For example, I write a lot about meme stocks like GameStop and AMC. If I were to invest in one, that would be a conflict of interest and would land me in hot water with my employer. Besides contributing to a 401(k), I’ve stayed away from any other investing.

To open accounts with each of the apps, I had to answer a lengthy list of questions, from my investment experience to a lot of personal identifying information, and then input my banking information. This experience is standard across all services.

Though I did not claim the offer, all of the apps I tested award users one free stock as a perk of signing up.

Also, importantly, all of these services are commission-free. This is the case for both stocks and crypto on Robinhood and WeBull, while Public does not offer crypto trading at this time.

Read more: BANK OF AMERICA: Buy these 36 dirt-cheap small- and mid-cap stocks that will soar as the global economy reopens and inflation heats up – including 5 expected to surge at least 60%

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Screenshot from Public app

I see why Robinhood has been described as “gamifying” investing. The app is well-designed and exciting.

My retail investing journey began with Robinhood. I got the go-ahead to transfer exactly $1 to my new brokerage account to invest in an exchange-traded fund. I chose the Vanguard S&P 500 ETF, which trades under the ticker VOO.

With $1 in buying power, I received .002602 shares, the app said. I swiped up to submit the purchase. It said my order was completed and showed me a summary.

When I clicked “Done,” a full-screen graphic appeared saying, “Congrats on making your first trade, Natasha!”

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Screenshot from Robinhood app

As someone who writes about markets for a living, this was extremely fun. If I’d had more than $1, I would have clicked the shiny green button on the bottom that read, “Continue your journey” to buy more.

I started to understand how young people could become addicted to an investing app.

Public made the buying experience just as easy. Instead of the bright white-and-green color scheme on Robinhood, Public has a sleek black-blue-and-white design.

I easily found the Vanguard ETF, input my $1 of buying power, and clicked “confirm.” No confetti, but it was straightforward and easy.

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Screenshot from Public app

WeBull was more of a challenge. I transferred my $1 from my bank account only to discover the app doesn’t offer fractional trading, meaning I had to buy a whole share, which would have cost $386.91 as of 2:45 p.m. on Friday.

The discovery was a let down. I would either have to find an ETF trading at $1, which does not exist, or transfer more money for something more expensive.

I decided on a single share of the Financial Select Sector SPDR ETF, trading under the ticker symbol XLF, for $37.54.

After transferring more funds, I hit the blue “trade” button on the ETF’s main page, input the quantity as 1, and hit “confirm.” It brought up a receipt page that read “working” and would allow me to cancel or modify my order in the meantime. Again no fireworks, but a relatively simple process.

WeBull has everything a young investor would need – except fractional trading and a fun user interface

If you overlook the lack of fractional trading, which can be a great way for investors to own otherwise prohibitively expensive stocks, WeBull felt like the most serious investing app. Here’s why.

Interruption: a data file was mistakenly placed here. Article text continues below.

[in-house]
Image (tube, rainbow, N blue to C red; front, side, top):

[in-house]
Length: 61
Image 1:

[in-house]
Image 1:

First of all, it had the most security features. I opted to set an unlock pattern for each time I open the app. On top of that, when I decide to go into my brokerage account within the app, I have to enter a six-digit pin.

It felt like bank-level security, which is something I found important out of a broker that has all of my personal information and bank account details.

Robinhood and Public have security features, too, just not as many. Robinhood requires my phone passcode each time I open the app. On Public, I opted to turn on the face-ID feature for more security.

WeBull also provided the most market data.

Though the deluge of data meant the app wasn’t as sleek as Robinhood, it also meant I had more access to important information before investing.

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That’s not to say Robinhood and Public don’t have market data. They do (on Robinhood investors can pay $5 for a subscription to market research and level 2 data), but neither app has near the amount of information WeBull provides up front.

In terms of educating young or new investors, WeBull also wins. The app regularly sent me messages with how-tos on investing and explainers on topics like initial public offerings.

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Screenshot from WeBull.

There wasn’t much for educational resources within the Robinhood app. Public offered some. All three gave access to relevant news articles.

WeBull also had a social media feature, where users can share their views and investments.

Public, though, has a much more visible social aspect, and markets that as a selling point. Its slogan is “Public makes the stock market social,” and it recently launched a live audio feature, similar to that of the Clubhouse app.

Among the apps, investors have to choose among a sleek and exciting platform with Robinhood, a less sleek yet more informational app in WeBull, or a social-media driven platform in Public.

Overall, my experience would lead me to choose WeBull if I was in the market for a trading and investment platform.

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Payment for order flow models “undermine the relationship between the broker and their client,” Duke Law professor tells Congress